Struggling with PRO.AC.ID structure (software dev clients)

Overall, I understand the concept and structure behind PRO.AC.ID, but in practice I find that while I need the “PRO”, I don’t have many "AC"s per client.

I am a consultant who implements software for clients, mostly on a project basis. Most of my artifacts in these projects are notes and to-do items. I use GTD for tasks (in Things 3) and Bear for note-taking. Notes are mostly meeting notes, reference (naming conventions, business processes, checklists, etc.).

Here’s what I have so far:

00.00 Index (note in Bear)

00-09 Meta

  • 00 Meta
    • 00.00 Index

100-199 Personal Projects

  • 101 Personal
    • 10-19 Admin
  • 102 Personal Project
  • 103 Personal Project

200–299 Client Projects

  • 200 Company
    • 10-19 Admin
    • 20-29 Team
      • 21 1:1s
        • 200.21.01 1:1 w/Boss
    • 30-39 Team Sharing
      • 31 Team Sharing Notes
        • 200.31.01 Coworker Presentation A
        • 200.31.01 Coworker Presentation B
      • 32 My Presentations
        • 200.32.00 Sharing Ideas
        • 200.32.01 Topic A
        • 200.32.01 Topic B
  • 201 Client A Proj 1
    • 00-09 Meta
      • 201.00.00 Index
    • 10-19 Admin
      • 10 Tasks
      • 11 Meeting Notes
    • 20-29 Documentation
      • 21 Test Scripts
  • 202 Client B Proj 1
  • 203 Client A Proj 2
  • 204 Client C Proj 1

This is…okay. But it feels highly complex for what I need in practice. In my task manager, I have matching projects (XXX Client Proj) and suffix tasks with their ID (Some Task [201.10.05]).

I also often have most of my work in systems like Jira, with stories/tasks assigned to me on a Kanban board. If I need supporting notes for those, I’ll use their Jira ID instead of a JD ID, such as 201.10.567.

PRO seems necessary, as I’ll have a lot of projects over time, but categories feel less clear/useful to me.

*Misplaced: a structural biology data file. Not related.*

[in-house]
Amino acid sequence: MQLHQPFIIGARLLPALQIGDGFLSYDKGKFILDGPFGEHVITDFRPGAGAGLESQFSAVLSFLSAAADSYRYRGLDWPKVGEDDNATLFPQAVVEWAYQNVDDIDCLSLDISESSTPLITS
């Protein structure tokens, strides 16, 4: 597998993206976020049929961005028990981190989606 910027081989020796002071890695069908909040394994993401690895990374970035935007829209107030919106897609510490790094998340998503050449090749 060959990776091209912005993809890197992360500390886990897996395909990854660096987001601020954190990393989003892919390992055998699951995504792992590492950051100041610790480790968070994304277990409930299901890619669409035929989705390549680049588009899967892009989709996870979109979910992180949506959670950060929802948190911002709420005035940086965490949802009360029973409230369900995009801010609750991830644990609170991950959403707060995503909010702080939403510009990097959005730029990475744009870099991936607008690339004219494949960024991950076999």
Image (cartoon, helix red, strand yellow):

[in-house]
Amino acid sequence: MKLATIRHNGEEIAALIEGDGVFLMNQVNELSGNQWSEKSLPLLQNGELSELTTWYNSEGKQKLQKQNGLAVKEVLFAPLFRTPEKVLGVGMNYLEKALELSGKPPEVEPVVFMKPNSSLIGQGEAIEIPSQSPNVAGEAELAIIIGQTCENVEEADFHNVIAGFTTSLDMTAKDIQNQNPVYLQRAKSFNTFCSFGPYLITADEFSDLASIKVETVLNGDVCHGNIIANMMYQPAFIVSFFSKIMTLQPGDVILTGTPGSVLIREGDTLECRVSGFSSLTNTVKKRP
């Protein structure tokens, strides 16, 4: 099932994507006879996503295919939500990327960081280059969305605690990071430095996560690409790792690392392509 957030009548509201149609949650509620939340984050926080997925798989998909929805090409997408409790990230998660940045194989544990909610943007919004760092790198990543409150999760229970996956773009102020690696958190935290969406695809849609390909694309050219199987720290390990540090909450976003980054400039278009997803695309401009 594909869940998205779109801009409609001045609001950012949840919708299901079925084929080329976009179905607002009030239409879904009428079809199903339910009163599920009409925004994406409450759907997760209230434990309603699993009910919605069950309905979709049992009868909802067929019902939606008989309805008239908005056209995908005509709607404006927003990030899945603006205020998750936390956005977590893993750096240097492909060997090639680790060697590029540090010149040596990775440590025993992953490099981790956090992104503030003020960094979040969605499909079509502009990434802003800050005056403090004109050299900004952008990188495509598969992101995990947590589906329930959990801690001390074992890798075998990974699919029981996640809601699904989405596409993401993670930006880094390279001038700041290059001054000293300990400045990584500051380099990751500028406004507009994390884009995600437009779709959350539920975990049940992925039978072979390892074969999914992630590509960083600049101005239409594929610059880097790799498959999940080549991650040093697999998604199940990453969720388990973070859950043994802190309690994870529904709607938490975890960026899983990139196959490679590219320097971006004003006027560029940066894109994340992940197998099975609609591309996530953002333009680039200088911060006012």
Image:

Anyone have experience using JD for client based work with more notes and tasks than actual files in folders?

Yeah I think this is still a bit of an unsolved problem. I know what you mean, creating a full PRO.AC.ID structure for every new project feels like overkill.

The more I use multiple projects the more I appreciate how much better the system is when you only have one project! Or fewer, at least. Fewer is definitely better. Just because we’re human, we really can remember a whole bunch of numbers when we’re only dealing with one project. I can still remember the numbers from a project I did 6 years ago because it’s all I was doing at the time and it was an intense job.

I don’t do client-type work so this isn’t something I can test. But I wonder what would happen if you used areas/categories differently for this type of job. Maybe ditch the idea that every area has to be different and just use them as a basic index.

Perhaps each client gets a project number. Then 10-19 is reserved for client-admin type stuff, and you use 20-29 through 90-99 for projects. How complex each project is will dictate what you do: really simple projects might fit in to what we call a category, meaning you get almost a hundred per client before you run out. More complex projects might need their own area.

Remember, within a category you still have a hundred things, your IDs. And you can standardise a bunch of these if you always handle the same sort of thing: to-dos, import files, export files, whatever. Just build yourself a standard numbering scheme, don’t be afraid to use your IDs a bit like categories, skip over numbers and group things in to 10.

AC.00-09 can be your to-do, notes, etc. AC.10-19 can be files. AC.20-29 is whatever else.

Very keen to hear what happens here.